tq-033 Attempt use of TCP Fast Open
When a transparent HTTP or TLS proxy is in the path between the probe and the target server, an attempt to use TCP fast open may reveal its presence in following ways:
- The connection fails due to an unknown TCP option being present
- The second connection fails due to data being present on the TCP SYN packet
- TCP fast open is not negotiated where expected, or is negotiated where it is not expected
- Fetch a webpage from a target server using either HTTP or HTTPS, using TCP fast open to establish a TFO cookie
- If successful, fetch a webpage from the same server, again using TCP fast open (this time will have data on the SYN)
- If the first connection failed, retry the request without the use of the TCP fast open to confirm that this was responsible for the connectivity failure, and not just that the host was down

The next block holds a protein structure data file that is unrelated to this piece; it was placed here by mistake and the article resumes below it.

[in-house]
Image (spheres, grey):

- To confirm that TCP fast open usage was successful (negotiation and use of TFO cookie) it is necessary to perform a packet capture, while failures can be confirmed from the application layer feedback alone
- Analysis of raw packets could be performed using an eBPF program which could be attached from userspace. Some information on this can be found in an LWN article.
- It would be possible to attempt the use of multiple protocol features on the first connection, falling back to trying each individually only if the first connection fails. In some rare cases the use of a protocol feature can brick the CPE or upstream middleboxes but this should either happen immediately or never happen.
- None yet for TCP fast open, although this technique uses similar principles to discover middleboxes as presented in: I. R. Learmonth, A. Lutu, G. Fairhurst, D. Ros and Ö. Alay, "Path transparency measurements from the mobile edge with PATHspider," 2017 Network Traffic Measurement and Analysis Conference (TMA), Dublin, 2017, pp. 1-6. doi:10.23919/TMA.2017.8002922
- An independent implementation exists for this technique in PATHspider's TFO plugin